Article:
Then we started making pieces for the likes of Cricket, which was Nigel Cabourn’s first designing endeavor. A couple of years later through my good friend, (jersey jedi) Andrew Shane, I was introduced to Paul Smith who he had helped to buy the R. Newbold factory in Nottingham.
Following that, a flood of different designers came along, some who made it, some who didn’t. Reiss were around in the 1980’s as well as Ted Baker. Then there were people like Amanda Wakeley in the 90’s. On the ladies side, Robert Carey Williams made a name for himself, which led me onto doing our own brand with Emma Hartley which we sold into Harrods and Selfridges & Co. We started the Emma Hartley clothes shop with The Observer, doing a lot of full-page offers with designer names and magazines like Women’s Realm and Women’s Journal. Joe Casey-Hayford with Elle was also popular.
It was through those opportunities I eventually got working with Stella McCartney in the 1990’s as well as Margaret Howell. I was soon approached to take the licence for Griffin and run it as a brand. To this day I still have the article “The Time Is Right For Griffin” from 1st September 1996 framed and proudly displayed in my office. It’s a great article and a very proud moment in my career.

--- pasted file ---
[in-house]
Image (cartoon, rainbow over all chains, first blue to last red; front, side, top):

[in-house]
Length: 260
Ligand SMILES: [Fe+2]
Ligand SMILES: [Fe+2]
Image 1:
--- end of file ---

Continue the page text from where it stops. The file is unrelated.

By the time the 2000’s came I was doing something slightly different. I was making coats for the likes of Burberry, Barbour and Mulberry. I did all the airlines as well, 15 altogether, as well as uniforms for the Met Police, gas suits for the gulf war and for the past 13 years I have been developing our own vertically integrated luxury brand, Private White V.C. with my partner James.
I’ve done a hell of a lot, that’s my story in a nutshell.